Jeremy's Weblog

I recently graduated from Harvard Law School. This is my weblog. It tries to be funny. E-mail me if you like it. For an index of what's lurking in the archives, sorted by category, click here.

Tuesday, October 15, 2002

I sent my section a mass e-mail about the show I'm in this week. I think it's kinda funny:

Apologies for sending a mass e-mail.

I'm a jury member in this weekend's production of Gilbert and Sullivan's "Trial by Jury" and the director is making me tell people about it so we have an audience.

The show is Thursday, Friday, and Saturday at 8pm in Ames Courtroom. The show takes place in a courtroom. So that meant we didn't have to build a set, which was good.

It costs $5. (Random fact: in 1875, when the musical was written, $5 in today's money was equivalent to 31 cents.) Tickets are on sale in the Hark tomorrow from 10-2, or you can buy them at the door. I don't get the feeling that you should worry at all about it being sold out if you wait to buy them at the door, but they didn't tell me to say that in my e-mail, so I make no promises.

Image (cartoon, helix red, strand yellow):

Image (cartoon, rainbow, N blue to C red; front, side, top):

Frequently Asked Questions

"What's the show about?"

Bitter over Edwin's refusal to marry, Angelina takes him to court to recover damages. Edwin is forced to defend himself in front of a jury and a wacky judge. Hijinks ensue.

"Is it all music, or if I come will I be forced to sit through boring dialogue too?"

No dialogue. All songs. Isn't that a relief.

"But 8pm on Thursday, Friday and/or Saturday nights are my favorite times to study."

That's not a question, it's a statement. But anyway, the show is only 45 minutes long. And besides, it contains a bunch of legal terms, like "breach of contract," and "court of the exchequer," and "be firm, be firm, my pecker." (Those last two rhyme.) So it's really sort of educational.

"But if it's only 45 minutes long, why is it worth my $5?"

Sorry, no more questions.

"Couldn't you have said all this in about three lines instead of writing this whole long e-mail?"

I said no more questions.

"Okay, okay, I get it. Sorry."